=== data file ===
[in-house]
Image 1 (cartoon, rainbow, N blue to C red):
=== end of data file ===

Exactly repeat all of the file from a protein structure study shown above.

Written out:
[in-house]
Image 1 (cartoon, rainbow, N blue to C red):